A mountain lion that has attracted media attention for its forays will soon be captured from its habitat in Los Angeles’ Griffith Urban Park.
California National Wildlife Federation Regional Executive Beth Pratt issued a statement earlier this week explaining that P-22, the famous lion, has recently changed behavior and will be captured and examined. Next steps will then be determined.
The P-22 has recently increased its presence in highly populated areas outside of Griffith Park range. He attacked two Chihuahuas, killing one, and authorities are concerned that things could escalate as he roams populated areas.
“The P-22 has always been in an unprecedented position,” said a statement from Pratt. “Never before has a mountain lion lived in such an urban environment in one of the world’s most densely populated cities. It is also a remarkably old mountain lion, living well beyond the normal life expectancy of its kind, and may now be showing signs of distress. Although Always affected by the isolation caused by the highways, as P-22 ages, the challenges associated with living on a home island seem to increase and the scientists note a recent change in his behaviour.”
Mountain lion experts from the California Department of Fish and Wildlife (CDFW) and the National Park Service in the Santa Monica National Recreation Area (NPS) plan to capture the P-22, Pratt said. After a health assessment, vets will determine next steps for him.
“The people involved in its capture and evaluation are some of the best wildlife biologists in the world who have studied P-22 and other mountain lions for decades. We trust them to make a good decision,” Pratt said.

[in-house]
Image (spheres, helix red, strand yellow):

She added a warning to the public not to attempt to assist in capture and evaluation.
P-22 has lived for over a decade in Griffith Park, the largest urban park in the United States. It helped and hindered him. While his survival has not been challenged by a younger lion, as is usually the case in the wild, the P-22 has been isolated by busy highways that do not have wilderness barriers that allow him access to wider spaces.
“The P-22 has given us so much,” Pratt said. “He is a lovable wild mountain lion who survived against all odds, and his ordeal of being trapped in Griffith Park after making the perilous journey down two of the nation’s busiest highways has shown the world just how damaging our roads are to mountain lions and all wildlife.”
The famous mountain lion P-22 (actually a male cougar) was spotted at the densely populated hipster sanctuary Silver Lake, a residential and commercial section of Los Angeles. The area is very urban and trafficked, and is about a mile to a mile and a half from Griffith Park’s usual range on the P-22, where it generally sticks to the high mountain country and is rarely seen by humans.
While the 12-year-old P-22 could be considered a dangerous wild animal, his celebrity status is indisputable, and area neighbors report sightings with something akin to joy. A National Geographic photo spread, which led to a 2017 documentary, the cat that changed america, A museum exhibit, children’s coloring book, and mural in Watts, a borough of South Los Angeles.
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